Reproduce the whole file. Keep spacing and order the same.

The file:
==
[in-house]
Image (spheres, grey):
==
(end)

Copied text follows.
[in-house]
Image (spheres, grey):